As a team builder, I require each client to create a team charter to record the members' teamwork agreements. As a certified project manager, I know the power of properly constructed plans for task work. A study I just came across from 2009 provides powerful evidence that investing time in high-quality charters and plans can mean the difference between beating your competition and getting beaten. Neither by itself was enough.
If you happen to have an MBA, you may be familiar with the "Business Strategy Game," co-created by a business professor to test the skills of budding managers. The study article in Journal of Applied Psychology says each group of students poses as the top leadership team of a global athletic footwear company. They make a variety of decisions through weekly rounds. The computer assesses how the team is doing and provides feedback. For the study, the researchers chose for the performance measure "a weighted index of five factors: after-tax profits (40%), bond rating (20%), return on investment (15%), market capitalization (15%), and sales revenue (10%)." From this the computer calculated a 0–100 score. "This approach is akin to the 'balanced scorecard' approach, in which different performance indices are combined," the authors write. The study was conducted by John Mathieu and Tammy Rapp of the Univ. of Connecticut Dept. of Management. Mathieu is an oft-cited expert among teamwork researchers.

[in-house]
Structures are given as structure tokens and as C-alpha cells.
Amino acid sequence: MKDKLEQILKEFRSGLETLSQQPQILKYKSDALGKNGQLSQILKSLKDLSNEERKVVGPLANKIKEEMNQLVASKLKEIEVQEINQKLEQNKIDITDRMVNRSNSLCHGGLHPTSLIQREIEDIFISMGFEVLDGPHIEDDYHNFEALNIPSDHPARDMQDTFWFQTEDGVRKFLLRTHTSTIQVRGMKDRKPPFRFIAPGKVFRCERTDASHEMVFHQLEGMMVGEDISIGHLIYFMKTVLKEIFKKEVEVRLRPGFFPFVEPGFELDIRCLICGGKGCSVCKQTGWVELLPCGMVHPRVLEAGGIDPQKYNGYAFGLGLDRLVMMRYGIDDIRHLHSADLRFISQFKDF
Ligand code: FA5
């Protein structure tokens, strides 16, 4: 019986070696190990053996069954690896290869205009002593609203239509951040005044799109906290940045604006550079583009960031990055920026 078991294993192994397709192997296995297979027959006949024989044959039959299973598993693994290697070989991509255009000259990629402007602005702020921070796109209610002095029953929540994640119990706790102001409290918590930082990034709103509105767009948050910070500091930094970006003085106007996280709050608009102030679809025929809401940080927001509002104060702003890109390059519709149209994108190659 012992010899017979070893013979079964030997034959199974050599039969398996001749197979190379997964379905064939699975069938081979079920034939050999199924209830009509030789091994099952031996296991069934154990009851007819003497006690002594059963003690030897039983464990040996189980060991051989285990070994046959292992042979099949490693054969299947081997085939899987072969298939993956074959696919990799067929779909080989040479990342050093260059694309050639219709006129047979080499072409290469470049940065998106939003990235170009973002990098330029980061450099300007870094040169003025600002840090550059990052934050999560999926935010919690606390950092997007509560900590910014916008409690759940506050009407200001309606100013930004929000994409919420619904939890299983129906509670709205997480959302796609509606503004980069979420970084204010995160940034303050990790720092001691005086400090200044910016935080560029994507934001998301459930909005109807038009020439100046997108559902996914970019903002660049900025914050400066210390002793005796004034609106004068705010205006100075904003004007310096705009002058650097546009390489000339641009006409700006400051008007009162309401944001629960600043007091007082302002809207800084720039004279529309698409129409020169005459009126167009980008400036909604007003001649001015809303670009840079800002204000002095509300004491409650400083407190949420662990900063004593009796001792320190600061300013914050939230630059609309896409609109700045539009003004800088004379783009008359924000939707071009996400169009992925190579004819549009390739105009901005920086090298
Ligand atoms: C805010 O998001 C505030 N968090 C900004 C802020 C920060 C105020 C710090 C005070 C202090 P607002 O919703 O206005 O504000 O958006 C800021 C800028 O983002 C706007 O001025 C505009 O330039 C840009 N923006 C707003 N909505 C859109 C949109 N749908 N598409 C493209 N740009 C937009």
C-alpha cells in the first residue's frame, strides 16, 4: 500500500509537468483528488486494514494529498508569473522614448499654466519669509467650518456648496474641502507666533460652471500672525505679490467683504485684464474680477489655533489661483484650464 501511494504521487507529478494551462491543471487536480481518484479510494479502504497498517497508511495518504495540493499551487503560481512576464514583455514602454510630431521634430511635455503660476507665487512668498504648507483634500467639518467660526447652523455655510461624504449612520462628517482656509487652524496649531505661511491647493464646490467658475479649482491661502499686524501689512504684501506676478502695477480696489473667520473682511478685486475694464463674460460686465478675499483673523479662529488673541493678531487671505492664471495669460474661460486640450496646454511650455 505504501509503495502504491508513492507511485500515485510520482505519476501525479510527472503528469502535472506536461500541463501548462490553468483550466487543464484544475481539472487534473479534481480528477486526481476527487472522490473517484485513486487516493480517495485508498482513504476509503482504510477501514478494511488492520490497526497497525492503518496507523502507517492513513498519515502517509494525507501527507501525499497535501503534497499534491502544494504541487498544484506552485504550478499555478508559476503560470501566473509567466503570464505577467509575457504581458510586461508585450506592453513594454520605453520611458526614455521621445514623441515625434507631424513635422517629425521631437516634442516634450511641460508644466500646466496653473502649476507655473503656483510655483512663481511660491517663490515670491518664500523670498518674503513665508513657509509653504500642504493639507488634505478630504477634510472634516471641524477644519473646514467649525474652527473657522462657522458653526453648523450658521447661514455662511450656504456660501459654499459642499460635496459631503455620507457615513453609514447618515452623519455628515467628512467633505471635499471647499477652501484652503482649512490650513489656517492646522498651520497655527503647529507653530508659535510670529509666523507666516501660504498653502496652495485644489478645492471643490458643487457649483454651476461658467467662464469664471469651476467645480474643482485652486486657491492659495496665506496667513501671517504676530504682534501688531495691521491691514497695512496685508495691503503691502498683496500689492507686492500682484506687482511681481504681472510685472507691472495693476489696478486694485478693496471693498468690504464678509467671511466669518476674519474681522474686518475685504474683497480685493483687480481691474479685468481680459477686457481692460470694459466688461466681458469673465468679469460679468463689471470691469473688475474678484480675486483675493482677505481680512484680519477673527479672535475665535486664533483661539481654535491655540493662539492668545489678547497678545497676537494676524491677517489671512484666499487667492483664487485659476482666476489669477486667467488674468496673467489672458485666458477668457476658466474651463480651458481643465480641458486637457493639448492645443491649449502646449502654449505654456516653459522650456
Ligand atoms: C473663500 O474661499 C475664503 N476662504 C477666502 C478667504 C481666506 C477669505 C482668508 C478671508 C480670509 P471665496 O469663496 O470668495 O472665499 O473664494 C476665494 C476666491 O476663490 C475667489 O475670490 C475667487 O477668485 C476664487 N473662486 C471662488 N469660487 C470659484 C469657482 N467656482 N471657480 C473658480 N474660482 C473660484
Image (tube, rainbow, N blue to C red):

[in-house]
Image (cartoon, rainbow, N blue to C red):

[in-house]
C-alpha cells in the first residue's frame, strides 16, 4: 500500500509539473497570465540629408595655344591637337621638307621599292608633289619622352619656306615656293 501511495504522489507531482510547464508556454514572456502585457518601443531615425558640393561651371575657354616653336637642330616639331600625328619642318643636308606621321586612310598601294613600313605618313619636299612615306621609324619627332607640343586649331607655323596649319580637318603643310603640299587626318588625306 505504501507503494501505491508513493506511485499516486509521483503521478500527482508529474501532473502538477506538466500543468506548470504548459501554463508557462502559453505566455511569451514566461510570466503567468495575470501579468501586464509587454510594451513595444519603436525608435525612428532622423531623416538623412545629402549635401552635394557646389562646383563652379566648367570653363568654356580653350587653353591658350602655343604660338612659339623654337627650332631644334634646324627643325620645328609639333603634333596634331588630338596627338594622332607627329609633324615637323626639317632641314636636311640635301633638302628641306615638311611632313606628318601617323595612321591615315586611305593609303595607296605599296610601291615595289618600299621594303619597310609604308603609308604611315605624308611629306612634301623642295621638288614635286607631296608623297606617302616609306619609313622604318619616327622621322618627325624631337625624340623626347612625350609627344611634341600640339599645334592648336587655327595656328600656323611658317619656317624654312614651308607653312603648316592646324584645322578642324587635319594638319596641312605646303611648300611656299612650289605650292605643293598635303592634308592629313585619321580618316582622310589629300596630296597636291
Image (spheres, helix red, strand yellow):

After two practice rounds of the game, every group had to create a team charter. The researchers required much of the same stuff I recommend, including team goals, roles, rules, and performance management methods. They included contact preferences I put instead into a Communications Plan. They had members write about their individual backgrounds, providing details I draw out through an extensive introductions exercise. These teamwork scientists then added a twist I found especially interesting given some heat I've gotten from my posts on personality assessments. Members also were asked to describe "individual business-related strengths and weaknesses, including factors such as content knowledge and work experiences," and "preferred work styles, particularly as related to teamwork…" No tests required.
The class instructor and, separately, a rater who didn't know the students graded the charters and plans for their completeness. "For example, some teams simply stated that 'they would arrange meetings as needed,' whereas others attached a detailed schedule including where, when, and for how long each meeting would occur," the article says. "The best charters also noted procedures that members should follow if they had to miss a meeting or if they had to contact other members."
The two graders looked at consistency as well. "For example, if a team stated that it placed a premium on consensus yet said it would vote in instances of disagreement, its charter was inconsistent." Meanwhile, each team created a detailed business plan, which was graded with similar criteria (see my study summary for specifics). The raters' results were averaged as the measure of quality. The document ratings and team performance scores accounted for 30% of a class grade.